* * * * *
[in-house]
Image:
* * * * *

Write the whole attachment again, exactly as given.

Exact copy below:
[in-house]
Image: